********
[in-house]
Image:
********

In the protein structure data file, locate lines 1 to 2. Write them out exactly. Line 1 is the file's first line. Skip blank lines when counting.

[in-house]
Image: